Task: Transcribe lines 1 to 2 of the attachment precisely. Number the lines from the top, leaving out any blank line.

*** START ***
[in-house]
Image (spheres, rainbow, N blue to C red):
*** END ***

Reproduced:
[in-house]
Image (spheres, rainbow, N blue to C red):